A genome analysis company called Knome is introducing software that could help doctors and other medical professionals identify genetic variations within a patient’s genome that are linked to diseases or drug response. This new product, available for now only to select medical institutions, is a patient-focused spin on Knome’s existing products aimed at researchers and pharmaceutical companies. The Knome software turns a patient’s raw genome sequence into a medically relevant report on disease risks and drug metabolism. The software can be run within a clinic’s own network—rather than in the cloud, as is the case with some genome-interpretation services—which keeps the information private.

Advances in DNA sequencing technology have sharply reduced the amount of time and money required to identify all three billion base pairs of DNA in a person’s genome. But the use of genomic information for medical decisions is still limited because the process creates such large volumes of data. Less than five years ago, Knome, based in Cambridge, Massachusetts, made headlines by offering what seemed then like a low price—$350,000—for a genome sequencing and profiling package. The same service now costs just a few thousand dollars.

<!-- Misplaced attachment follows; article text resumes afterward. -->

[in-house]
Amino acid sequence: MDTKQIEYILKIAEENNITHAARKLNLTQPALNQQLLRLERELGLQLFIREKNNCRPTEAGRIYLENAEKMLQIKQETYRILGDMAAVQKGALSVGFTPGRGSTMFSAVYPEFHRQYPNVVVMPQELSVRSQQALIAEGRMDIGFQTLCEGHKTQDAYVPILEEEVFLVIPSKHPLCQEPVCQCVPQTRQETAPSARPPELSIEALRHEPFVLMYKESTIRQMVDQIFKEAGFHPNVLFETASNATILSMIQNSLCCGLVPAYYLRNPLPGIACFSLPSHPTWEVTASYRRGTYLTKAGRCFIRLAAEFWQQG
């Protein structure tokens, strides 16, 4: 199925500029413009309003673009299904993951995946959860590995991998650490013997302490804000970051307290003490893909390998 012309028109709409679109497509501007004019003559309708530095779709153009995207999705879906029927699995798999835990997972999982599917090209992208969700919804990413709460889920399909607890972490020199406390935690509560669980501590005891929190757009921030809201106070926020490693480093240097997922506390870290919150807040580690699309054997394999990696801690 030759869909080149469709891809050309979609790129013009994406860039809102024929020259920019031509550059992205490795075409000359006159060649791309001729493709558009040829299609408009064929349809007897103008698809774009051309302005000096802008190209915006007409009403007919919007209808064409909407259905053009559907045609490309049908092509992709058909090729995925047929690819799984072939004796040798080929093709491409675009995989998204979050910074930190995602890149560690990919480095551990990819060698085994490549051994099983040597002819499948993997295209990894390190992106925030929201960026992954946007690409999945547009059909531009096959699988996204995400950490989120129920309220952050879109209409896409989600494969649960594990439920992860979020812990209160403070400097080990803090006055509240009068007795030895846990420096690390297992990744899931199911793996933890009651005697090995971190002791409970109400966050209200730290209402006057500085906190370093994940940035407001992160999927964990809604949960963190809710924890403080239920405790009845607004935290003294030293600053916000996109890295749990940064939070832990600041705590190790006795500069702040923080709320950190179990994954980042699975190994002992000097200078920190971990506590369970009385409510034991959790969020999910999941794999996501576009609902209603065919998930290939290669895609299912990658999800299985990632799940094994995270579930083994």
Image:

Today, genome profiling has two main uses in the clinic. It’s part of the search for the cause of rare genetic diseases, and it generates tumor-specific profiles to help doctors discover the weaknesses of a patient’s particular cancer. But within a few years, the technique could move beyond rare diseases and cancer. The information gleaned from a patient’s genome could explain the origin of specific disease, could help save costs by allowing doctors to pretreat future diseases, or could improve the effectiveness and safety of medications by allowing doctors to prescribe drugs that are tuned to a person’s ability to metabolize drugs.